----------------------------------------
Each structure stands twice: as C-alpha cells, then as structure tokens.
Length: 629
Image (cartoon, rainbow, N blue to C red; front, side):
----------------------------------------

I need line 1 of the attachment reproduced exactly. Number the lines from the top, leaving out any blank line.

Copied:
Each structure stands twice: as C-alpha cells, then as structure tokens.